Michigan is no stranger to the problem of distracted driving. The National Highway Traffic Safety Administration reports that, nationally, in 2014, 3,179 individuals were killed and 431,000 victims were injured in car accidents involving distracted drivers. In Michigan during 2015, there were 7,516 car accidents involving distracted driving, which resulted in 28 fatalities and 3,472 injuries. Cell phones were involved in 753 car accidents, resulting in three fatalities and 377 injuries.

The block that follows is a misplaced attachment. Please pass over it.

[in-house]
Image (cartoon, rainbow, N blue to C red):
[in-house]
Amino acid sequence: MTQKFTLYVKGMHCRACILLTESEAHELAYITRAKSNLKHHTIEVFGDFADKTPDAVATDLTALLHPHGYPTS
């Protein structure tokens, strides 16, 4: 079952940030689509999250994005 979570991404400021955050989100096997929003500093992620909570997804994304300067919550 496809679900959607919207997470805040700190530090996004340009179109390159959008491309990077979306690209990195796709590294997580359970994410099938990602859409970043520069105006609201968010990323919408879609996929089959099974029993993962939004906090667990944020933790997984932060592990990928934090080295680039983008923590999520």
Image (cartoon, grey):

There are three main categories of distracted driving: manual, visual and cognitive. Texting while driving is considered the most dangerous form of distracted driving because it combines all three types of distracted driving into one dangerous activity. According to research, a driver's brain remains distracted for 27 seconds after they have sent a text using voice commands, dialed a phone, or changed the music. Additional distracted driving behaviors include using a navigation system or operating a radio; attending to children or talking to passengers; eating and drinking; grooming; and reading.